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BBC WikiLeaks

Contests over the control of information are central to the production, promotion, and critique of militaristic ideologies.  For those seeking to expose the machinations of militarism, information is often regarded as a vital basis for critique; whereas for those working to defend them from scrutiny, information is often regarded as a resource that needs to be sequestered away from widespread view. As a result, much potential is typically invested in breaches of military and diplomatic secrecy.

Because of this investment, when reckoning with militarism, I think it is important not only to attend to the assumptions guiding its practices but the assumptions guiding scholarly and popular analyses of it. 

Why?  One problem is how what is revealed - often by virtue of having been revealed – can appear solid and beyond question.  For instance, a leaked document can become taken as the basis for cutting fiction from fact in a manner that attributes events and individuals with an unwarranted logic.  The treatment of certain information as unassailable goes hand in hand with the refutation of other possibilities, the closing down of inquiry, and the carpeting over of inconsistencies.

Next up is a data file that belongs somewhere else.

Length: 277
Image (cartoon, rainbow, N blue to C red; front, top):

In my presentation for the ‘Cultures of Militarism’ symposium, I will address one of the most prominent instances of the disclosure of statecraft in recent political history: the online posting of American war logs and diplomatic cables by WikiLeaks.  The machinations of statecraft have long been a matter of dread, fascination, and enigma.  In a series of releases in 2010, WikiLeaks and collaborating newspapers sought to bring to the public what was before only available to a limited coterie. 

My interest is in the kinds of assumptions, commitments, and affective states associated these leaks, and how they shape how the logs and cables were understood.  As a way of promoting attention to these matters consider the first minute the BBC documentary WikiLeaks: The Secret Life of a Superpower in relation to these questions:

- What is aroused in you in watching this clip? Reverence, frustration, bewilderment, intrigue and enjoyment? Why is this so? 

- If this clip were a hand gesture, what kind of a hand gesture would it be?  My suggestion would be that it represent a kind of grasping that is a secure taking hold of the world.  In my presentation, I aim to foster sensitivities about the investments and troubles associated with this kind of longing.



Participant: Brian RAPPERT
Dept. of Sociology, Philosophy, and Anthropology | University of Exeter
Presentation: Leaks and Lures: The Commitments of Exposing Militarism